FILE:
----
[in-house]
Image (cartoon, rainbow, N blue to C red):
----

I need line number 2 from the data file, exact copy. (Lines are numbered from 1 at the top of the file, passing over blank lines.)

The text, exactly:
Image (cartoon, rainbow, N blue to C red):